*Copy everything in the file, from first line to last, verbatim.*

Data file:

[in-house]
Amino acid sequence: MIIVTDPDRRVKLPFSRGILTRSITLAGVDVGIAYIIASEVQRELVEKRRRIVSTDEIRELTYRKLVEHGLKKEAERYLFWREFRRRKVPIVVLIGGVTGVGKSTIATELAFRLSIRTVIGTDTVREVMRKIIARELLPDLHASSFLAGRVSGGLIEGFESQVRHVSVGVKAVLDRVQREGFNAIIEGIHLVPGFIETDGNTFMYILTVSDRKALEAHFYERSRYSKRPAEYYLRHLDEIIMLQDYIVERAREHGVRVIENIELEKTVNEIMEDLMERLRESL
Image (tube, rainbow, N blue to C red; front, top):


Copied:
[in-house]
Amino acid sequence: MIIVTDPDRRVKLPFSRGILTRSITLAGVDVGIAYIIASEVQRELVEKRRRIVSTDEIRELTYRKLVEHGLKKEAERYLFWREFRRRKVPIVVLIGGVTGVGKSTIATELAFRLSIRTVIGTDTVREVMRKIIARELLPDLHASSFLAGRVSGGLIEGFESQVRHVSVGVKAVLDRVQREGFNAIIEGIHLVPGFIETDGNTFMYILTVSDRKALEAHFYERSRYSKRPAEYYLRHLDEIIMLQDYIVERAREHGVRVIENIELEKTVNEIMEDLMERLRESL
Image (tube, rainbow, N blue to C red; front, top):